TH856 – Re-Imagining God and the World
View outline (PDF) Instructor(s): Dr. Sallie McFague
This course will reflect on the question of God in a time of crisis due to climate change and human poverty. It will consider divine transcendence and immanence in the writings of postmodern theologians and philosophers who are questioning supernatural understandings of God as well as privileged views of human beings. Thus, we will read critiques of dualistic, hierarchical, metaphysical views of reality as well as such new interpretations as spirited matter, flat ontology, species interrelations, biological democracy, radical incarnation, and other ways in which contemporary thinkers are re-imagining the relations between transcendence and immanence. Such reflections by contemporary scientific and philosophical views of transcendence and immanence should provide a basis for Christian and other religious re-interpretations of the place of human beings on the planet as well as God’s relationship to the world.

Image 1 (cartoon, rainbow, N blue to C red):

A first part of this seminar can be taken in Fall term (although Spring can also stand alone). During the fall semester, we will focus on postmodern critiques of supernaturalism as well as contemporary interpretations of transcendence and immanence.
The second semester will consider a range of Christian and other theologies attempting to apply such contemporary interpretations to climate change. In other words, we will consider how some revisions on conceiving of the relations between transcendence and immanence (the doctrine of God) are relevant (or not) to the crises facing the planet.
Pre-requisite: Th.m students only, or permission from the instructor